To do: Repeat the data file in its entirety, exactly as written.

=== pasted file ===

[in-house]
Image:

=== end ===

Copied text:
[in-house]
Image: